back to article EU under pressure to slap non-compliance notice on Google over pay-to-play 'remedy'

Calls are mounting for the European Commission to issue a non-compliance notice against Google over attempts to address complaints about its market dominance. In June the commission found Google had abused its general search supremacy to illegally favour its own service over rival comparison shopping websites – landing it a €2 …

Anonymous Coward

What are you waiting for EU? Fine them NOW!

And do the same to Facebook while you are at it. Better still ban them from operating in the EU.

And Google, get your act together and allow us mere mortals to be 'forgotten' without going through endless and expensive hoops.

You (FB, Google and the rest) have had it all too easy up to now. Far too easy to suck all of our data and far too easy to sell it on again. That has to stop and Now!

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Facepalm

Re: What are you waiting for EU? Fine them NOW!

This is tangentially related to data slurping at best.

But while we're on the subject, do you really think an EU based company doing the same job wouldn't do exactly the same?

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Re: Waiting for the EU is a waste of time

EU fines are large and fund reduced taxes for everyone, but never hold your breathe. Previous judgements from the EU took so long to arrive that the market changed drastically. Both the complainer and the complaint became irrelevant by the time the fine arrived.

The right to be forgotten laws just point an enormous Streisand at whatever you did that you now find embarrassing. Just create some fake news with your name, someone else's picture and a random address. That will push your cock-up down the ranks far faster than farting about with paperwork.

I remember Foundem from when this complaint first started. Price comparison sites are all lousy, some are dishonest but Foundem stood out as being particularly craptacular. They must have put in considerable effort to drive visitors away and earn a bottom of page ten rank.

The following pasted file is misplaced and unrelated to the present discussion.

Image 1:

Luckily for them, Microsoft was getting close to the end of another abuse of monopoly power argument with the EU, and their lawyers were looking for a way to justify their pay checks. At the time Microsoft thought they could squash Google and own the internet. The way forward was clear: Microsoft would give free legal advise to anyone with something resembling a complaint against Google that could be taken to the EU. There is more money available for complaining about Google to the EU than their is for a fourth rate price comparison site.

If you go not like Google, use a different search engine.

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Re: Waiting for the EU is a waste of time

Reduced taxes for everyone? There are around 750 million people in the EU, if we assume half of them are taxpayers, a 3.75 billion euro fine - which would be pretty sizeable even for a company like Google - would reduce the taxes by 10 euros per person on average. For a single year.

I don't think you should think about fines in that way, they won't be large enough or numerous enough to have a noticeable impact on taxes. Besides, all the money collected is probably eaten up by enforcement - not just of successful settlements, but all the times they investigate and end up doing nothing.

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Re: Waiting for the EU is a waste of time

> ... fund reduced taxes for everyone ...

Hahahahaha. Hahaha.

No.

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Anonymous Coward

Re: What are you waiting for EU? Fine them NOW!

But while we're on the subject, do you really think an EU based company doing the same job wouldn't do exactly the same?

What, a hypothetical EU technology leader offering extensive services in return for user data? Do you think we'd have enough to even make a list?

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Anonymous Coward

Criminal Records etc

Why is no individual held responsible for things like this? I know these are corporations etc but if the person accountable for implementing a illegal or non-complying act were individually given a criminal record / their 'good name' dragged through the mud or similar so that they were personally 'punished' would these corporations be so quick to try to cheat the rules?